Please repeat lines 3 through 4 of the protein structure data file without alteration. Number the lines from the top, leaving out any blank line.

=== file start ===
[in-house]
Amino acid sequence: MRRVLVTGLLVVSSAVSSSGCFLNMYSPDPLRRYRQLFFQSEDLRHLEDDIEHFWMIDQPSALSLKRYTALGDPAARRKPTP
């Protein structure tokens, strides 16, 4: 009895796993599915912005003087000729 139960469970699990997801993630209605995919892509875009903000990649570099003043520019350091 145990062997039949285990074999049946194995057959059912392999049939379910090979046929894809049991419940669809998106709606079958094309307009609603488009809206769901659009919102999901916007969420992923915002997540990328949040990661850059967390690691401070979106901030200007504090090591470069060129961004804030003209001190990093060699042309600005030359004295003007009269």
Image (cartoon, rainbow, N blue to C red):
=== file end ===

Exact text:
């Protein structure tokens, strides 16, 4: 009895796993599915912005003087000729 139960469970699990997801993630209605995919892509875009903000990649570099003043520019350091 145990062997039949285990074999049946194995057959059912392999049939379910090979046929894809049991419940669809998106709606079958094309307009609603488009809206769901659009919102999901916007969420992923915002997540990328949040990661850059967390690691401070979106901030200007504090090591470069060129961004804030003209001190990093060699042309600005030359004295003007009269």
Image (cartoon, rainbow, N blue to C red):